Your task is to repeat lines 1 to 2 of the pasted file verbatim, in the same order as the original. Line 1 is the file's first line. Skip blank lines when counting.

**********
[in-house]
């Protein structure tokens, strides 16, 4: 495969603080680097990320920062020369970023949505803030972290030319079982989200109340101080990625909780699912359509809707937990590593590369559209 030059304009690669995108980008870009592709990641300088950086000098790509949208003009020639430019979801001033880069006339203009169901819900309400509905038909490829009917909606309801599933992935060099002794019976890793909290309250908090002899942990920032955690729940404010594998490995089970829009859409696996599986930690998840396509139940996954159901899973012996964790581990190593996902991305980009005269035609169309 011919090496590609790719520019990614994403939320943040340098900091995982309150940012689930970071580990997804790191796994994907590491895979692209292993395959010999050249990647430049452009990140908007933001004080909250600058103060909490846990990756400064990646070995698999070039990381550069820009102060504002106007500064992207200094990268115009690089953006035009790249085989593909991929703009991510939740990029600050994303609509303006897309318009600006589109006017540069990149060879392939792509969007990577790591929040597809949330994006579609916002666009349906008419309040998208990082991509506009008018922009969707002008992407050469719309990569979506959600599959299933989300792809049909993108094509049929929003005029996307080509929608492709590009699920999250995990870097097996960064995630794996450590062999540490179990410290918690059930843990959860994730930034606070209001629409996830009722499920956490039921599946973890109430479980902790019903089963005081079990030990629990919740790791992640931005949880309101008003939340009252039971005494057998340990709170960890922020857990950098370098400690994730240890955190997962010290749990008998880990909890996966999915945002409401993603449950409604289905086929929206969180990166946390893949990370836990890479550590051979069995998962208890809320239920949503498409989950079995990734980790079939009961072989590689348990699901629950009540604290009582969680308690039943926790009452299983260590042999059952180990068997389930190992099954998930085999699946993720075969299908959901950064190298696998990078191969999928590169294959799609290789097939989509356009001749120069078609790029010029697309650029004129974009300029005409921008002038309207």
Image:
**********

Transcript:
[in-house]
């Protein structure tokens, strides 16, 4: 495969603080680097990320920062020369970023949505803030972290030319079982989200109340101080990625909780699912359509809707937990590593590369559209 030059304009690669995108980008870009592709990641300088950086000098790509949208003009020639430019979801001033880069006339203009169901819900309400509905038909490829009917909606309801599933992935060099002794019976890793909290309250908090002899942990920032955690729940404010594998490995089970829009859409696996599986930690998840396509139940996954159901899973012996964790581990190593996902991305980009005269035609169309 011919090496590609790719520019990614994403939320943040340098900091995982309150940012689930970071580990997804790191796994994907590491895979692209292993395959010999050249990647430049452009990140908007933001004080909250600058103060909490846990990756400064990646070995698999070039990381550069820009102060504002106007500064992207200094990268115009690089953006035009790249085989593909991929703009991510939740990029600050994303609509303006897309318009600006589109006017540069990149060879392939792509969007990577790591929040597809949330994006579609916002666009349906008419309040998208990082991509506009008018922009969707002008992407050469719309990569979506959600599959299933989300792809049909993108094509049929929003005029996307080509929608492709590009699920999250995990870097097996960064995630794996450590062999540490179990410290918690059930843990959860994730930034606070209001629409996830009722499920956490039921599946973890109430479980902790019903089963005081079990030990629990919740790791992640931005949880309101008003939340009252039971005494057998340990709170960890922020857990950098370098400690994730240890955190997962010290749990008998880990909890996966999915945002409401993603449950409604289905086929929206969180990166946390893949990370836990890479550590051979069995998962208890809320239920949503498409989950079995990734980790079939009961072989590689348990699901629950009540604290009582969680308690039943926790009452299983260590042999059952180990068997389930190992099954998930085999699946993720075969299908959901950064190298696998990078191969999928590169294959799609290789097939989509356009001749120069078609790029010029697309650029004129974009300029005409921008002038309207």